Horse meat

The investigation is linked to concerns horses at the end of their lives had been smuggled into the food chain

Irish police have raided seven premises across five counties as part of major investigation into suspected horsemeat fraud.

Some six years after the Horsegate scandal rocked the European meat industry, the Garda National Bureau of Criminal Investigation today searched houses, farms and commercial premises connected to the food industry in counties Roscommon, Leitrim, Sligo, Westmeath and Kilkenny.

The raids were part of an investigation into suspected offences of deception and the “tampering of identification passports and microchips of horses presented for slaughter”, a Garda spokeswoman said.

The Irish Times reported Gardaí believed some horses that should have been slaughtered at the end of their lives and were not fit for human consumption had “effectively been smuggled into the food chain in the Republic”.

Evidence had already been uncovered that strongly suggested horsemeat that should not have been used in foodstuffs for human consumption had illegally been exported for consumption abroad, it added.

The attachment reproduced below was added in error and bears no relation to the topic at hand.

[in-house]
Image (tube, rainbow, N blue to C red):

While horsemeat is not widely consumed in Ireland, the country does export into the European market.

In depth: How the Horsegate scandal unfolded

The newspaper said passing off an old or ill horse as fit for human consumption “would be lucrative for those involved because horse owners are required to pay a fee to destroy an animal deemed unfit for human consumption”.

If a horse deemed unsuitable for the international food market could be smuggled into the food chain, the owner of the animal could avoid that fee and would instead be paid for the horse they were supplying, the report suggested.

The Garda’s investigation was supported by the Food Safety Authority of Ireland and the Department of Agriculture, Food and the Marine.

The DAFM said it was “not appropriate to comment further” on the investigation, but stressed that all slaughterhouses whose meat was destined for human consumption “must meet the detailed requirements set out in the EU food safety regulations”.

A spokeswoman for the UK’s FSA said the regulator was “aware of the ongoing investigation” in Ireland. But as the investigation was ongoing, it was unable to comment further.

Poland’s ‘sick cow’ scandal is a reminder of EU food safety net